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1 Samuel 4:18

    1 Samuel 4:18 Translations

    King James Version (KJV)

    And it came to pass, when he made mention of the ark of God, that he fell from off the seat backward by the side of the gate, and his neck brake, and he died: for he was an old man, and heavy. And he had judged Israel forty years.

    American King James Version (AKJV)

    And it came to pass, when he made mention of the ark of God, that he fell from off the seat backward by the side of the gate, and his neck broke, and he died: for he was an old man, and heavy. And he had judged Israel forty years.

    American Standard Version (ASV)

    And it came to pass, when he made mention of the ark of God, that Eli feel from off his seat backward by the side of the gate; and his neck brake, and he died: for he was an old man, and heavy. And he had judged Israel forty years.

    Basic English Translation (BBE)

    And at these words about the ark of God, Eli, falling back off his seat by the side of the doorway into the town, came down on the earth so that his neck was broken and death overtook him, for he was an old man and of great weight. He had been judging Israel for forty years.

    Webster's Revision

    And it came to pass, when he made mention of the ark of God, that Eli feel from off his seat backward by the side of the gate; and his neck brake, and he died: for he was an old man, and heavy. And he had judged Israel forty years.

    World English Bible

    It happened, when he made mention of the ark of God, that Eli fell from off his seat backward by the side of the gate; and his neck broke, and he died; for he was an old man, and heavy. He had judged Israel forty years.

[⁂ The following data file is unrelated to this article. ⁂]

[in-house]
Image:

English Revised Version (ERV)

    And it came to pass, when he made mention of the ark of God, that he fell from off his seat backward by the side of the gate, and his neck brake, and he died: for he was an old man, and heavy. And he had judged Israel forty years.

    Definitions for 1 Samuel 4:18

    Ark - Box; chest.

    Clarke's Commentary on 1 Samuel 4:18

    When he made mention of the ark of God - Eli bore all the relation till the messenger came to this solemn word; he had trembled before for the ark, and now, hearing that it was captured, he was transfixed with grief, fell down from his seat, and dislocated his neck! Behold the judgments of God! But shall we say that this man, however remiss in the education of his children, and criminal in his indulgence towards his profligate sons, which arose more from the easiness of his disposition than from a desire to encourage vice, is gone to perdition? God forbid! No man ever died with such benevolent and religious feelings, and yet perished.

    He had judged Israel forty years - Instead of forty years, the Septuagint has here εικοσι ετη, twenty years. All the other versions, as well as the Hebrew text, have forty years.

    Barnes' Notes on 1 Samuel 4:18

    A comparison of 2 Samuel 18:4, explains exactly the meaning of the "side of the gate," and Eli's position. His seat or throne, without a back, stood with the side against the jamb of the gate, leaving the passage through the gate quite clear, but placed so that every one passing through the gate must pass in front of him.

    Forty years - This chronological note connects this book with that of Judges. (Compare Judges 3:11, etc.) It is an interesting question, but one very difficult to answer how near to the death of Phinehas, the son of Eleazar the High Priest, Eli's forty years of judgeship bring him. It is probable that at least one high priesthood intervened.

    Wesley's Notes on 1 Samuel 4:18

    4:18 He fell - Being so oppressed with grief and astonishment, that he had no strength left to support him. The gate - The gate of the city, which was most convenient for the speedy understanding of all occurrences. Old - Old, and therefore weak and apt to fall; heavy, and therefore his fall more dangerous. So fell the high - priest and judge of Israel! So fell his heavy head, when he had lived within two of an hundred years! So fell the crown from his head, when he had judged Israel forty years: thus did his sun set under a cloud. Thus was the wickedness of those sons of his, whom he had indulged, his ruin. Thus does God sometimes set marks of his displeasure on good men, that others may hear and fear. Yet we must observe, it was the loss of the ark that was his death, and not the slaughter of his sons. He says in effect, Let me fall with the ark! Who can live, when the ordinances of God are removed? Farewell all in this world, even Life itself, if the ark be gone!